The August 3 edition of the Mainichi Daily News, a Japanese newspaper, reported on a June 23 confrontation over a fleet of 10 Chinese fishing vessels operating without permission in Indonesia's EEZ. A stand-off over the Indonesian navy's seizure of a Chinese fishing boat almost got out of control when a Chinese "fishery management vessel" – which was actually a repurposed heavy gunboat – threatened to fire on the Indonesian navy patrol boat. According to the article, the fishery management vessel pointed its large-caliber machine gun at the carbon-hulled Indonesian craft, at which point the outgunned patrol boat released the errant Chinese trawler. The article says that a similar episode occurred in May, with the same large Chinese warship having likewise successfully threatened an Indonesian naval patrol that was detaining an illegal Chinese fishing boat.
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Old 04-11-2012   #97
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Originally Posted by Dayuhan View Post
Again, it's worth noting that this is not the first time this has happened or a new step up in how far the Chinese are willing to push.
That is not at all reassuring.
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Old 04-12-2012   #98
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I wonder if a stand off with Indonesia would be same as a stand off with Philippines.

For the life of me, I cannot understand as to why with an old warship, the Philippines is cocking the snook.

Is there more than what meets the eye?

What is China trying to do?

For a powerful nation, this is childish an action of sending ships when diplomacy would have worked or even aggressive bombastic for which they are famed!
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Old 04-12-2012   #99
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The Philippines summoned Chinese ambassador Ma Keqing on Wednesday to lodge a protest over the incident. However, China maintained it had sovereign rights over the area and asked that the Philippine ship leave the waters.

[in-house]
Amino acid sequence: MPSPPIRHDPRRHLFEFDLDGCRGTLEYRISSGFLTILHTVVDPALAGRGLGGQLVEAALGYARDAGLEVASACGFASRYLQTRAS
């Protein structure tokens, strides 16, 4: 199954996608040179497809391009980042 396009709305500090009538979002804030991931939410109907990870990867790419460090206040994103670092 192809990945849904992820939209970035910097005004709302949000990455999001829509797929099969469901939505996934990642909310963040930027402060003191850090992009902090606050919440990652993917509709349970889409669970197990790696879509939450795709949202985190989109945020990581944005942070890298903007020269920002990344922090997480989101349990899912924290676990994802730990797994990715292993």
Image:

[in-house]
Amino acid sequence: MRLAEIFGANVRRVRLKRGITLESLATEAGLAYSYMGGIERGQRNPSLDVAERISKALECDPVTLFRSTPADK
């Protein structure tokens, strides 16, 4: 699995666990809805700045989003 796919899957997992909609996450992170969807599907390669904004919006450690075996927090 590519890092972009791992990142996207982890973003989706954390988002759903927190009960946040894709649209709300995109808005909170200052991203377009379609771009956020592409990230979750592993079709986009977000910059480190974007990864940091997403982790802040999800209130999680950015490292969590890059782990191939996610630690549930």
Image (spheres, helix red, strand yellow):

China's state-run newspaper China Daily claimed in an editorial that the Chinese fishermen were "harassed" by the Philippine naval boat.

"China should take more measures to safeguard its maritime territory," the newspaper stated.

"The latest moves by China's two neighbours are beyond tolerance," it added, referring to Vietnam. "They are blatant challenges to China's territorial integrity."
http://www.bbc.co.uk/news/world-asia-17686107
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Old 04-12-2012   #100
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I wonder if a stand off with Indonesia would be same as a stand off with Philippines.
That would depend on the specific circumstances involved. Indonesia has a larger and more capable Navy, but if the only ship on the scene is an outmatched patrol boat, that may not matter. In the cases cited, the Indonesian ship backed down. In other cases, both Indonesia and the Philippines have impounded boats and arrested fishermen. Each case is different.

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Originally Posted by Ray View Post
For the life of me, I cannot understand as to why with an old warship, the Philippines is cocking the snook.
Why should they not? It's a game of bluff and bluster, not a shooting war. The Chinese ships on the scene are designated as civilian vessels and are believed to be unarmed. Why didn't the Chinese put Navy ships on the scene? Maybe wanting to up the ante and observe reactions without upping it too much? Of course the reasoning is unknown, but there's little sign that anybody wants or intends to initiate actual combat.

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Originally Posted by Ray View Post
Is there more than what meets the eye?
Probably not.

Quote:
Originally Posted by Ray View Post
What is China trying to do?
Establish a presence and test reactions.

Quote:
Originally Posted by Ray View Post
For a powerful nation, this is childish an action of sending ships when diplomacy would have worked or even aggressive bombastic for which they are famed!
Big nations intruding on the fishing grounds of smaller ones isn't exactly unheard of in other places... I believe the Somalis have complained about the same thong, and I suppose you've heard of the cod wars.